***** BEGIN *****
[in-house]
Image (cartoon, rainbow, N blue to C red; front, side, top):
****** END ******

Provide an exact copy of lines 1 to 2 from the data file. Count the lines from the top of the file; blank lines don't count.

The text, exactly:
[in-house]
Image (cartoon, rainbow, N blue to C red; front, side, top):